Differentiate or die.
It might be a harsh truth, but it’s one Stuart Brauer of Urban MVMNT shared after learning it from Jim Crowell, the CEO of OPEX. “If you don’t distinguish yourself in the marketplace — and now, programming and coaching is not a distinction — then the prospective customer has no interest or desire to learn more,” said Brauer.
But how do you stand out in a saturated market? How do you make yourself different?
The first thing to look at is yourself and your brand. Ask what your customer experience is like from start to finish. In doing this, you can realize what item or aspect of your service makes you stick out from the rest. Brauer said keywords, phrases or even objects can help in determining what sets your brand apart.
“Does your gym utilize Ski Ergs and VersaClimbers in their workouts? Do you forgo the whiteboard? How about orchestrating your interval-based workouts to music professionally planned by a DJ? These subtle differences are being done by many other fitness companies across the country with far better profits and losses than yours,” said Brauer.
In fact, taking a look at the surrounding fitness market can help you stand out as well. Brauer suggested venturing to different microgyms and offerings in the area. You might find something someone is doing exceptionally well with their client experience that you too can offer.
“Visit every single microgym concept within a 20-minute radius,” said Brauer. “View the market from a customer’s perspective and see what is missing, what’s working, and steal what you love and leave what you don’t.”
Once you establish what sets you apart, the next step is making sure your audience knows it. And that doesn’t necessarily mean marketing.
Brauer explained content creation has great power in written, video and audio form. People love seeing behind the curtain, exemplified in the popularity of reality TV stars. “You tell the story of who you are, what you do and how you can help fix your prospective customer’s problem,” he said. “You create content telling the story of current customers you’re already helping so prospects can see themselves in similar shoes. You document the creation of your facility and show the market the ‘reality show’ that is humorous, funny, tragic, dramatic of a small business owner starting their first shop.”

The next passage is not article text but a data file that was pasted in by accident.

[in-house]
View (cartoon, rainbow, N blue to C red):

Storytelling is what creates the initial attention that can then be used by traditional marketing. Tell your story on social media, said Brauer. He noted again to look at other fitness companies to see how they are telling their stories. “Stalk their Facebook pages and see what is attracting the most attention. Check out the parallels in other adjacent industries like athleisure,” said Brauer. “Lululemon and Athleta have a crazy marketing game, and if you’re good enough, you’ll quickly spot what it is about their content that lures people into their stores.”
In the end, it comes down to your client experience. Figure out where you shine, dial it in and then let your story be told to the far reaches of your local community.